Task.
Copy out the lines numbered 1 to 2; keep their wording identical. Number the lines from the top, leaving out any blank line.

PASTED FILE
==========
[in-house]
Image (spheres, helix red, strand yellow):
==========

[in-house]
Image (spheres, helix red, strand yellow):